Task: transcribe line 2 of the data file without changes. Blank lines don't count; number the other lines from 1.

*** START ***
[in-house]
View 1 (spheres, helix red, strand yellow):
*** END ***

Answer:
View 1 (spheres, helix red, strand yellow):